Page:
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Categories for Tutorials
WordPress is the most popular and possibly best software for operating a modern website. The built in tools that it provides for free are extremely valuable for any web project. WordPress is built on top of PHP which is a “Server Side” programming language. That means when WordPress performs computational tasks it is performing them on the server, rather than in the visitor’s browser. This presents significant security risks, because hackers can exploit vulnerabilities in WordPress to take over the server, which they can then add to their botnets to perform DDoS for Hire attacks, or to act as Crypto-Miners, or to grow their BotNet by infecting the machines of your visitors.
The most important maintenance task for any website is keeping regular backups. You should be backing up your website at least every week. That might seem like a lot if your content remains static, but a well-maintained website is also going to be receiving regular updates to the WordPress core software as well as plugins, and if something breaks you will be thankful that your backup strategy was thorough.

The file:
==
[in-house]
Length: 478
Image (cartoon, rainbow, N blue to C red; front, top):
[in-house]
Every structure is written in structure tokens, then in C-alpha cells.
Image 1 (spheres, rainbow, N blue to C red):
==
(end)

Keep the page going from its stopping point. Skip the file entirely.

So Many Choices
In the early days of the web there were not many considerations when planning a new site. You would simply write your content in HTML, style your site in CSS, and publish. These days we want more from a website. Complex capabilities such as secure logins, rotating graphics, shopping carts and database handling. To handle all of these requirements, we’ve created a new class of software called “Content Management Systems” or CMS for short. When you’re planning a new website there’s many different CMS available and it can be challenging to know which one you should use for your project. Developer opinions on this subject vary, however I am going to tell you that for most web projects, especially hobby blogs, business and non-profit websites, WordPress is the best choice. Here are the top 5 reasons.
There are lots of “plugins” and “applications” being sold to people these days which perform this step but they are not necessary. All you need is an .htaccess file if you’re using Apache or one of it’s variants, or a few lines of code in your Nginx configuration if you’re using the Nginx webserver, and you’ll be good to go.